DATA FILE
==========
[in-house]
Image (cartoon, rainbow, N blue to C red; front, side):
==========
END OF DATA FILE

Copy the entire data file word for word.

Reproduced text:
[in-house]
Image (cartoon, rainbow, N blue to C red; front, side):